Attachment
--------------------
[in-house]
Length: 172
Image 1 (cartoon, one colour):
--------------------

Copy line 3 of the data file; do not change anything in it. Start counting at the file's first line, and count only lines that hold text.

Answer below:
Image 1 (cartoon, one colour):